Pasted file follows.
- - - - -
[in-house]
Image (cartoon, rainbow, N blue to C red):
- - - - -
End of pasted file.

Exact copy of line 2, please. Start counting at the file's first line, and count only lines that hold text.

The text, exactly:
Image (cartoon, rainbow, N blue to C red):